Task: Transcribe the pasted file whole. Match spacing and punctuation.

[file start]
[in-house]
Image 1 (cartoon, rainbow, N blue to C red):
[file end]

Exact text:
[in-house]
Image 1 (cartoon, rainbow, N blue to C red):